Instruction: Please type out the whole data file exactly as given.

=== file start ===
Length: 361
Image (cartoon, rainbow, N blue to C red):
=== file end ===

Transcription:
Length: 361
Image (cartoon, rainbow, N blue to C red):